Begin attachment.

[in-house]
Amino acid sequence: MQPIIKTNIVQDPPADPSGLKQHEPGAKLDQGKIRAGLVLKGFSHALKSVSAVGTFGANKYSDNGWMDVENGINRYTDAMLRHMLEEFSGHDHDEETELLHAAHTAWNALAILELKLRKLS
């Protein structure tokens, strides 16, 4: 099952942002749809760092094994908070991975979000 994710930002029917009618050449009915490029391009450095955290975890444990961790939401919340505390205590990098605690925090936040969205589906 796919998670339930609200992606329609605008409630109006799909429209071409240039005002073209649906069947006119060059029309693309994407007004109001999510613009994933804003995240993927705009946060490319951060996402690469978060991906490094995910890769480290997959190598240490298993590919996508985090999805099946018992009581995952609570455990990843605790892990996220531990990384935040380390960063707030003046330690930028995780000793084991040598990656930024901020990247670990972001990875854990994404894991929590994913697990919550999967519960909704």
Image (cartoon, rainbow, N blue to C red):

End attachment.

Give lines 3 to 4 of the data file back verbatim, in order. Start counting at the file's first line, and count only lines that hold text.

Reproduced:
């Protein structure tokens, strides 16, 4: 099952942002749809760092094994908070991975979000 994710930002029917009618050449009915490029391009450095955290975890444990961790939401919340505390205590990098605690925090936040969205589906 796919998670339930609200992606329609605008409630109006799909429209071409240039005002073209649906069947006119060059029309693309994407007004109001999510613009994933804003995240993927705009946060490319951060996402690469978060991906490094995910890769480290997959190598240490298993590919996508985090999805099946018992009581995952609570455990990843605790892990996220531990990384935040380390960063707030003046330690930028995780000793084991040598990656930024901020990247670990972001990875854990994404894991929590994913697990919550999967519960909704």
Image (cartoon, rainbow, N blue to C red):